5. It may be an odd space to raise the question, Jason, but why do you think it is that the liberal arts colleges attract such heightened resentment on the job market? While they by no means have a monopoly on job seekers’ ill-will, I’ve been amazed to see the degree to which liberal arts colleges specifically have attracted some of the most heated criticism for hiring practices, not just in our field, but across the job search wikis and personal blogs. I ask this, let me be clear, with neither a personal ax to grind (in the interests of full disclosure to Jason’s readers, I was interviewed at a liberal arts college and didn’t get the spot, but everyone involved was charming and thoroughly professional, and I had a wholly positive experience), nor with any answer of my own (other than perhaps a guess that some people feel them to be an insider’s club reticent to let in others). I just thought you might have some guesses, especially since Middlebury (as you well know) was at the center of a firestorm of criticism last year on the job search wiki.

  6. Thanks all for the great comments, and be sure to read Ian’s reply on his own blog – I’ll comment there as well.

    Kristina: good point. I’ve often told people that being a school like Middlebury in the pre-internet era would be a vastly different professional experience. I am active in virtual scholarly communities that I imagine would have only been possible at major universities or cities pre-internet. And because of the general small size of our field, I can remain active in para-mentoring grad students who come to know me & my work, even serving as external reader for committees. I’m not sure how feasible this would be for someone in a larger field, where local “experts” are more saturated on large campuses.

    Shaun: I have no experience at public liberal arts colleges, but people like you whom I’ve spoken to tend to highlight the sheer time demands that curtail research possibilities – which also holds true at private colleges at “lower tiers.” Middlebury’s teaching load is a 3-2, although we’re shifting to a 2-2 to match other top small liberal arts colleges (SLACs) – the effect is that formal teaching loads are closer to R1 schools than many universities or other small colleges. The model that such schools point to is the “research college” – it’s still a work-in-progress at Middlebury.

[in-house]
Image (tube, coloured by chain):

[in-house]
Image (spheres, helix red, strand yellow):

Annie: It’s interesting, as many of the faculty at Middlebury went to other SLACs, having had their pedagogical ambitions defined by their undergrad experiences. (Although I should note, a good friend at Middlebury who is amazingly successful here, had never had anything like the SLAC experience before Middlebury, so it’s certainly not an essential background for SLAC faculty success.) Like you, my dreams of academia were forged at a SLAC (mine was Oberlin), and I worked through my grad program at Wisconsin with mixed minds about the future possibilities for professional satisfaction – I was really unsure that teaching 250 student lectures was ever going to feel like a good fit for me, even though that model of career success was certainly what was held up as the ultimate goal. While my first job was at a research university, I always kept my eye on the prize of a job like the one I have now…

    Jonathan: …which brings me to this issue. I’m not sure that SLAC jobs are more fraught than R1 jobs (we’ve all heard tales from that front!), but they are more scarce. Major R1 programs simply hire more people within any field, while a school like Middlebury is only likely to have one position fitting anybody’s area. I remember in ’99, while I was still an early dissertator, Middlebury posted the job that I have now, and I grumbled that it would be the perfect fit for me, but a year too early. Three years later, the previous hire decided to leave, they reposted the job, and the match was made as a second chance for both me and the college. But such tales of second chances are rare – more often the scarcity of such jobs raises the stakes. Add onto that the general veneer of elitism and exclusivity that’s part of the SLAC brand, and resentment can grow.